The two-pronged advance I had discussed with my general staff over the weekend was based on the idea of a central redoubt and a front expanding slowly in a perimeter around the redoubt.  The Stairs would serve as the central redoubt, and we would make two thrusts outward, one towards KS Garage and one towards UR.  According to the plan, we would have redistributed the trash bags in KS Garage and the infested boxes in the Unfinished Room (UR), bombed both areas, and then deployed armored infantry.  But I have become less and less enamored of area bombing as the war has gone on, precisely because of the terrain advantage I discussed.  So I decided that while the redistribution in KS Garage made sense (if only as a feint), simply moving boxes around in UR wouldn’t work, and I made a snap decision.  J’attaque!

I led a headlong charge into UR and began to destroy the boxes all around me.  There were regular boxes, yes, but there were also massive boxes such as had been used for a TV, a recumbent bike, a Nordictrac, and other large items I don’t remember buying.  These were reinforced with double-thick cardboard, styrofoam, and even wood.  But no matter.  I unsheathed my sword.  I unleashed my fury.  I hurt my back.  For an hour I chopped and slashed and smashed until the boxes that had seemed almost like walls were obliterated.  All that remained was a moraine of cardboard scraps more than a foot high all across the Unfinished Room.  I clenched the sword so tightly and hit with so much force that today I can’t make a fist with either hand.  Awesome.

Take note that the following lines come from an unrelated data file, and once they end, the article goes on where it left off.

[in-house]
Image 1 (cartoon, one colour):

With the enemy’s cover in ruins, I called in aerial bombs to destroy my newly exposed foes.  After the dust had settled I began carting cardboard pieces of varying size up into the kitchen where I proceeded to cut it into fairly uniform squares to be recycled.  This cleanup phase lasted longer than the fighting itself, and will continue into today and beyond.  Later I shocked the enemy by returning, sword in hand, to resume the attack at the unheard hour of 8:00 p.m.   I pushed the UR front another several yards forward, but I sliced my leg as well and was ultimately forced to pull back for the evening.  In retrospect, though, it was a day of triumph.  I find my fighting spirit renewed, even if I can’t quite stand up all the way this morning.

March 29, 2010

The Marshal In His Headquarters

Filed under: Imperial Army — lbej @ 21:28
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Don’t Worry

Filed under: Girls — lbej @ 09:39
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Osama bin Laden is not under my bed.  Reagan checked twice.

Basement War – Strategic Objectives

Filed under: Basement War — lbej @ 07:05